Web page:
Heavy tech

By: | Issue #665 | at 08:08 AM | Channel(s): Project / Heavy Lift News  Intermodal Project  

Hi-Tech is making inroads in breakbulk and project cargo business.

When projects logistics and heavy transport specialist Collett & Sons Ltd. gets an assignment to move a 200-tons transformer or several 60-meters wind turbine blades over the challenging terrain of Britain or other countries in Europe, preparations start at least a half-year in advance.

“What we’re finding more and more is that we’ve got to prove that the route is suitable way beforehand, six months or 12 months,” said David Collett, the company’s managing director.

Meticulous planning is a must for the 90-year-old UK logistics company, based in the West Yorkshire town of Halifax, between Manchester and Leeds. However, it’s planning that draws not only on deep experience, but state-of-the-art technology as well, which both aids and enables the trickiest of moves.

“It’s the practical skills we’ve lived and learned, the sharp end of the stick, that we’re driving to the technology side,” said David Collett. “The customers are demanding more,” he added. “They want us to prove that we can do it.”

Three-D modeling provides Collett life-like route planning and load specifications, while sophisticated satellite tracking allows those customers to see where their actual cargo is at any given moment.
Three-D modeling provides Collett life-like route planning and load specifications, while sophisticated satellite tracking allows those customers to see where their actual cargo is at any given moment.

Technology is propelling project-cargo logistics on a number of different fronts. Major operators such as Collett now utilize advanced hardware such as the latest generation of Self Propelled Modular Transporters, or SPMTs. They rely on sophisticated, precise measuring devices such as lasers and clinometers (instruments used to measure the angle or elevation of slopes), satellite imaging and complex engineering software. Three-D modeling provides Collett, its customers and authorities with precise, life-like route planning and load specifications, while sophisticated satellite tracking allows those customers to see where their actual cargo is at any given moment.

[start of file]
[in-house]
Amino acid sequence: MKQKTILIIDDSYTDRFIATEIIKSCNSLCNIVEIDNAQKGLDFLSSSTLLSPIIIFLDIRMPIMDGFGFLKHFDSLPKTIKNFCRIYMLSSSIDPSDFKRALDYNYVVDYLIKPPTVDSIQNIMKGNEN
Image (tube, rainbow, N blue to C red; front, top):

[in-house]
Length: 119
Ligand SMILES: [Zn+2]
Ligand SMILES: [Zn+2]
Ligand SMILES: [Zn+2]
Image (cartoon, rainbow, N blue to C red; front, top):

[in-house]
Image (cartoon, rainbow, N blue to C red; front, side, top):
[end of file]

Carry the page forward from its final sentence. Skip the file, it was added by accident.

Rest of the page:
While Collett and others are making great technological strides, some resistance remains within the project cargo industry as a whole. Part of this is cost, both from the point of view of the shippers and the transport specialists themselves, especially the smaller ones. Part of this is just clinging to outdated methods or an untrained work force.

Project Moves Catching on to Hi-Tech Tools

“If you look at the systems, and look at everything else out there, it’s definitely an area that hasn’t take advantage of the continued improvement of technology,” said Robert Sweatman, director of Logisticus Technology Solutions, a Greenville, SC-based technology services provider, part of the Logisticus Group, which specializes in project cargo services. He compares unfavorably the project cargo industry’s approach to technology with what we consumers consider old hat at home – smart phones and tablets. “It’s not caught up to that,” he said.

Sweatman is quick to add, however, that project cargo providers are changing, albeit with outside pressure. “We’re really trying to bring technology into the industry as much as we can.”

Loads are becoming ever more massive, longer and heavier. Both clientele and permitting authorities demand certainty.
Loads are becoming ever more massive, longer and heavier. Both clientele and permitting authorities demand certainty.

Breakbulk, as a whole, still lags behind containerized cargo in terms of widely used technology that has become an industry standard. “We are receiving ever more enquiries from the [general cargo] market so there is an understanding of the need for software,” said David Trueman, a director at TBA, which provides software solutions for ports, terminals and warehouses, “but there are still many cargo types without unique identifiers such as bar codes or [radio frequency identification] RFID and we still don’t see standard [electronic data interchange] EDI protocols coming through.”